Beth Battaglino, RN-C, CEO of HealthyWomen
Beth brings a unique combination of sharp business expertise and women's health insight to her leadership of the organization. Beth has worked in the health care industry for more than 25 years helping to define and drive public education programs on a broad range of women's health issues. She launched and has expanded the HealthyWomen.org brand. As a result of her leadership, HealthyWomen was recognized as one of the top 100 women's health web sites by Forbes for three consecutive years, and was recognized by Oprah magazine as one of the top women's health web sites. HealthyWomen now connects to millions of women across the country through its wide program distribution and innovative use of technology.
Beth is responsible for the business development and strategic positioning of HealthyWomen. She creates partnerships with key health care professionals and consumer groups to provide strategic, engaging and informative award-winning programs. She serves as the organization's chief spokesperson, regularly participating in corporate, non-profit, community and media events. She also is a practicing nurse in maternal child health at Riverview Medical Center- Hackensack Meridian Health, in Red Bank, NJ.
In addition to her nursing degree, Beth holds degrees in political science, business and public administration from Marymount University.
To stay sane, she loves to run and compete in road races. She enjoys skiing and sailing with her husband and young son, and welcoming new babies into the world.Full Bio
Learn about our editorial policies
This article has been archived. We will no longer be updating it. For our most up-to-date information, please visit our bladder health information here.
You are likely busy thinking all about the upcoming holiday celebrations. Cooking, eating, friends, families—it's an exciting and busy time for many of us.
But are you taking the time to think about your bladder?
Probably not. Most people don't—until they have a problem. But this month is a good time to think about that pear-sized sac in your pelvis that stores your urine.
November is Bladder Health Awareness Month and an opportunity to explore bladder issues. What's normal and what's not? What should you look out for? What are the signs of trouble?
A normal bladder can hold up to two cups of urine. That sounds like a lot, yet why do some people run to the bathroom more often than others? That depends on how quickly your kidneys work to produce the urine that fills your bladder. It also depends on how much liquid and food you consume, certain medical conditions and medications and your age (children typically produce less urine than adults).
And it depends on other things, too. There are many common conditions that can affect your bladder. For example:
It may be cystitis if you have:
- Acute or chronic pain or discomfort
- A stubborn and persistent urge to urinate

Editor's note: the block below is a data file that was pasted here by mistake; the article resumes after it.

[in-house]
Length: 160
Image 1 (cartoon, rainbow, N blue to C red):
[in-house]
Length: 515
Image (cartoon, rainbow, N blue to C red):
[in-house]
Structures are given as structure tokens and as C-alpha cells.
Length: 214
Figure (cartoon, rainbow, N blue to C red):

- Difficulty with urination or passing small and frequent amounts
- Blood in your urine
- Discomfort in your pelvic area or pressure in your lower abdomen
- Urine that's cloudy or smells strong
- A low-grade fever
It may be urinary incontinence if you have:
- Urine loss when you cough, sneeze, laugh, exercise or lift a heavy item
- An overwhelming and sudden urge to urinate (and you sometimes don't make it to the bathroom in time)
- Repeated or constant trickling of urine (because your bladder doesn't empty completely)
- A need to constantly urinate, even throughout the night (waking up two or more times a night)
It may be bladder stones if you have:
- Pain in your lower abdomen
- Frequent urination
- Burning during urination
- Blood in your urine
- Urine that is cloudy or unusually dark
- Trouble urinating or interrupted urine flow
It may be overactive bladder if you have:
- A sudden and overwhelming urge to urinate immediately
- Frequent bouts of urination (eight or more times a day or two or more a night)
- Urine leakage after you feel the urge to urinate
It may be bladder cancer if you have:
- Blood in your urine (urine can appear bright red or the color of cola, or the blood may only be evident when urine is examined under a microscope)
- Changes in your bladder habits
- Lower back pain or pain on one side
- An inability to urinate
- Pain while urinating
- Pelvic pain
It's important to know that bladder issues can be treated. Don't be embarrassed to talk with your health care professional if you're concerned that there may be a problem. You're hardly alone: Many women (and of course men, too) experience bladder issues at some point in their lives.
And keep in mind that there are some foods and beverage that can irritate a sensitive bladder—among them alcohol, caffeine, pineapple, apples, plums, lemon juice, sour cream and strawberries. Click here for a complete list.
Enjoy this Thanksgiving recipe for stuffing, compliments of the Urology Care Foundation, perfect for even the most sensitive of bladders.
- Incontinence ›
- When Something Goes Wrong "Down There" ›
- Overactive Bladder ›
- 11 Things That Heaviness in Your Pelvic Area Might Mean ›
- What Is the Best Way to Pee? - HealthyWomen ›
- I Became a Bladder Cancer Survivor at 30 - HealthyWomen ›